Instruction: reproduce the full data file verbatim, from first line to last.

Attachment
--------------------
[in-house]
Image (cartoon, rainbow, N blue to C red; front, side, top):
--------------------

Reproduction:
[in-house]
Image (cartoon, rainbow, N blue to C red; front, side, top):